We baked the nachos in the oven with some cheese, because we were not sure if the potato Omelet would be enough for 5 people but in the end it was to much. So Loy had a great breakfast in the next day.

Of course we learned new Spanish Vocabulary’s , too.

  • Potatoes = Patatas
  • Eggs = Huevos
  • Salt = Sal
  • Olive oil = Aceite de oliva

For our next meeting we planned to watch an Ice Hockey Game together.
I am looking forward to this event.



Third meeting of Korean/Chinese group: Cooking together

This time we had a special meeting .Today we cooked together. Chinese guys taught Yun how to cook Chinese traditional food, such as big dumpling, scrambled egg with tomato and tofu. The process was so fun! At the meantime, we taught food names to each other in Korean and Chinese.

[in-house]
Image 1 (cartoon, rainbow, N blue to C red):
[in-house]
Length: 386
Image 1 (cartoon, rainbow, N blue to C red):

When we finished our lunch, we learned some words and sentence, it is definitely about some food.


All in all, we had a nice day with each other. I hope we can learn Korean traditional food and dishes next time. I think when we combine learning with life together, it is more easy and interesting for us. Because some words become real and visible. I am willing to learn different culture and society. So happy to go through all these things.




Whenever it comes to food, I would be sooo excited. What about you? Do you feel excited now?

This time we had a perfect lunch with lecker German-Finnish starter, Vietnamese-style main dish and herkullista Finnish desert.

This is Tabea’s blog post: You can find all the ingredients there.

Swabian potato salad was the name of the starter. It took Tabea two hours to cook it. Well I would say it was worth cooking as the dish was good! and Tabea could save much time for next cooking tryout.

Hmm it seems that I forget something. Ohh the legendary “pastry”. I love the moment we made fun of this pastry. Tuuli even showed us the home-made one, which surprised us all! In my opinion, the one from Lidl supermarket (out of 3 biggest) is the best!